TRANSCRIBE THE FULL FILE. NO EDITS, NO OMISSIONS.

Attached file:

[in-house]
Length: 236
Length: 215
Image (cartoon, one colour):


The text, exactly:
[in-house]
Length: 236
Length: 215
Image (cartoon, one colour):